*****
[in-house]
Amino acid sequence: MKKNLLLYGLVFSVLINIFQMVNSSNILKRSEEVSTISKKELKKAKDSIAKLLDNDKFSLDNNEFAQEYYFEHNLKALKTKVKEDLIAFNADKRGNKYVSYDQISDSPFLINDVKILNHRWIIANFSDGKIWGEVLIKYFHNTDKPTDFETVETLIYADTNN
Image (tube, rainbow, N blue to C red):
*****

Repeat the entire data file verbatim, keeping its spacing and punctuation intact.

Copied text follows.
[in-house]
Amino acid sequence: MKKNLLLYGLVFSVLINIFQMVNSSNILKRSEEVSTISKKELKKAKDSIAKLLDNDKFSLDNNEFAQEYYFEHNLKALKTKVKEDLIAFNADKRGNKYVSYDQISDSPFLINDVKILNHRWIIANFSDGKIWGEVLIKYFHNTDKPTDFETVETLIYADTNN
Image (tube, rainbow, N blue to C red):